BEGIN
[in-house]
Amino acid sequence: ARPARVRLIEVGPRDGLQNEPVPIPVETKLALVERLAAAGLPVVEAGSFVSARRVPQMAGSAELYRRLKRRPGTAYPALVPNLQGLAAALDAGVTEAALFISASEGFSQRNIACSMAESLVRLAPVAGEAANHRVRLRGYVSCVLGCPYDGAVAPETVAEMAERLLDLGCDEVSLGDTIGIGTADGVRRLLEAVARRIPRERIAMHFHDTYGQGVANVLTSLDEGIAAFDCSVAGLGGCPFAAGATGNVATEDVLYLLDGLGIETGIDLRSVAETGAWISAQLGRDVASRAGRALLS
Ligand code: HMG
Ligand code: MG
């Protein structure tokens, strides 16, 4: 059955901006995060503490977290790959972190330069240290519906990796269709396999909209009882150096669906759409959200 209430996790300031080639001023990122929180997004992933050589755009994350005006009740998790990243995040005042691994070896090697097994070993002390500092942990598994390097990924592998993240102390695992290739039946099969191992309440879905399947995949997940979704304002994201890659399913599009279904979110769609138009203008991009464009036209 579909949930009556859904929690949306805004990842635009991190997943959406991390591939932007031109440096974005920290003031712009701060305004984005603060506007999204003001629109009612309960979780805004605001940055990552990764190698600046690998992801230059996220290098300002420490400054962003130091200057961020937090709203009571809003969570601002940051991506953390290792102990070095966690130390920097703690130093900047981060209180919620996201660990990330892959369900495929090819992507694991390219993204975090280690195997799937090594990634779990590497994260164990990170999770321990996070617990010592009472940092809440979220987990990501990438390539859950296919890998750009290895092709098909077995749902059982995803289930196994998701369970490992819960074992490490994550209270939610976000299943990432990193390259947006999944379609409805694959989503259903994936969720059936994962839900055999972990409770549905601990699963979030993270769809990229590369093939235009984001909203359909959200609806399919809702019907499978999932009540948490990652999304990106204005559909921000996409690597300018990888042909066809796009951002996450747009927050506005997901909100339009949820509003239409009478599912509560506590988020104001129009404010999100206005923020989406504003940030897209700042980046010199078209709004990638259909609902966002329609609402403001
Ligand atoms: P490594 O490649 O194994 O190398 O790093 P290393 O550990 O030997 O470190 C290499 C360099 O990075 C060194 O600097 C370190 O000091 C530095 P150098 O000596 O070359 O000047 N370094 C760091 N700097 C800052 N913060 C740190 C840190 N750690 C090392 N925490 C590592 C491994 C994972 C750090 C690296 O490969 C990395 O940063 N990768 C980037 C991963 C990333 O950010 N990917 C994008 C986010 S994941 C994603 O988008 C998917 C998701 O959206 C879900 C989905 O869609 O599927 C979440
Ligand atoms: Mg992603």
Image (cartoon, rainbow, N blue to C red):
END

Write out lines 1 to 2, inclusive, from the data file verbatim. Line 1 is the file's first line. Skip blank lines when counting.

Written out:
[in-house]
Amino acid sequence: ARPARVRLIEVGPRDGLQNEPVPIPVETKLALVERLAAAGLPVVEAGSFVSARRVPQMAGSAELYRRLKRRPGTAYPALVPNLQGLAAALDAGVTEAALFISASEGFSQRNIACSMAESLVRLAPVAGEAANHRVRLRGYVSCVLGCPYDGAVAPETVAEMAERLLDLGCDEVSLGDTIGIGTADGVRRLLEAVARRIPRERIAMHFHDTYGQGVANVLTSLDEGIAAFDCSVAGLGGCPFAAGATGNVATEDVLYLLDGLGIETGIDLRSVAETGAWISAQLGRDVASRAGRALLS